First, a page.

But AI needs more than data -- it also needs an incredible amount of computing power, and blockchain can incentivize the sharing of computer time just as easily as it can the sharing of data. Tatau is just one startup aimed at using blockchain to run a decentralized network of computers available to rent for machine learning jobs, while others like Subutai and Golem allow sharing of computing resources for virtually any purpose. Got a great idea, and all the curated data you need to implement it via an artificial neural network (ANN)? You still need the computer time needed to put all that data to use training a neural network. Cloud computing providers are turning to blockchain to make sure that it’s not just large tech companies that have access to the computing power needed to make world-changing machine learning products.
So, that’s the needs of AI, as seen from the perspective of blockchain tech. On the other side of the equation, we have the needs of blockchain, and the ability of AI technology to meet them. Blockchain has data needs too, this time for quality data rather than quantity, and AI is by far the most promising source of quality data anywhere in the world today.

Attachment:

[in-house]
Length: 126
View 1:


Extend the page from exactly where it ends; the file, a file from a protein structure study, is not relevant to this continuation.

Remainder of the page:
AI Can Provide The Insight Blockchain Needs
Blockchains exist behind a tightly controlled informational border. Inside the border, we have the blockchain’s version of reality, called consensus; outside the border, we have the real world. The advantage of the blockchain reality is that it is reliable -- the truth is the truth, and every node hosting the blockchain understands the exact same version of it. In the real world, we have competing standards for truth, both between multiple sources and across multiple periods of time.